Aussie T.V. crew slams Kiribati detention
A member of the “60 Minutes” Australia news crew detained in Kiribati for allegedly carrying misleading paperwork has hit back at the Government, claiming their detainment was part of a media crackdown in the country.
Last week, reporter Liam Bartlett and the crew were detained under house arrest in their hotel by the Kiribati Government for giving “false and misleading information on the purpose of their visit,” the spokesperson said.
But Ben Bohane, Australian photojournalist and TV producer who was with the crew claims the opposite is true and that Government knew for two weeks that the crew were on their way to film their show.
“Despite the shrill statements put out by the Kiribati Government, 60 Minutes had put the application in before we arrived - which they claimed they had not received,” he wrote in a public post on Facebook.
“They knew we were coming because we had requested an interview with the President (Taneti Mamau) two weeks before arriving and we had been in communication with the media advisor to the President well before arrival.”
He said a day after arriving, the immigration department asked for an AU$5000 permit fee, a cost few media could afford.
“This fee suggests Kiribati is starting to use the same approach as Nauru with its $8000 media visa which also has no guarantee of being approved and acts as an effective block on all foreign media coverage of the refugee detention centres,” Mr. Bohane said.
“No Australian news media can afford these fees, let alone local Pacific media. Instead we called their bluff and agreed to pay. Then they had to find another excuse to block us. It was clear they were never going to allow us, or any media, to visit.”
“60 Minutes” intended to interview the Government about Kiribati’s diplomatic switch from Taiwan to China at the end of September.
While under house arrest, Mr. Bohane says Opposition Leader Titabu Tabane and the first President of Kiribati Ieremia Tabai visited the crew and told them the detainment was a “farce”.
“They told me that democracy was dying under this Government and that China will do everything to ensure this Government gets re-elected next year.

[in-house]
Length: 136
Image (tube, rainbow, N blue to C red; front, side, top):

“They cannot get their voice out on any local or state media and pleaded with us to tell the world about their situation.
“’We’re embarrassed by what has happened. We’re turning this place into a communist country. It is a sad day for democracy” they said.”
Meanwhile, “60 Minutes” says they intend to air the entire saga on November 17th on their show.
Kiribati’s media freedoms came under scrutiny when foreign journalists were banned from the country to report on the 2018 Butiraoi ferry disaster in which 95 people including 23 students died.
The official Government report was released in October, revealing a “litany of failings” that led to the sinking ship.
In February last year the Government blocked New Zealand’s Newshub TV crew and Pacific affairs reporter Michael Morrah from reporting on the matter, confiscating their passports upon arrival and told they did not have a “research permit.”
Writing on Newshub’s site, Mr. Morrah said the policy was new, and “in my opinion, is intended to frustrate and ultimately hinder news coverage by foreign journalists and documentary makers.”
Immigration officials then made the crew show them footage they had filmed of survivors of the ferry disaster and had it deleted.
“Kiribati's policy of stopping foreign journalists from covering such a significant event is a step backwards for democracy in this tiny nation,” Mr. Morrah said.
“It's unnecessary, draconian and does nothing to promote the ideals of openness and transparency.”
More than 18 months later, 60 Minutes’ Ben Bohane has the same concern.
“As far as I am aware, the Kiribati Government has not issued any foreign media permits for the past two years since the ferry sinking disaster in January 2018 which claimed 95 lives,” he said.
“Now they are concerned about sensitivities around the diplomatic switch to China, for instance blocking all local media coverage of a pro-Taiwan public demonstration on Sept 27. Our attempts to access footage of the demonstration shot by an independent local cameraman were blocked.
“Does anyone know of any foreign news crews who have been granted a filming permit in the past 2 years? That should tell you something.
“This situation is less about “visa procedures” as the Kiribati Government would have you believe and more about the end of democracy and a free press there.”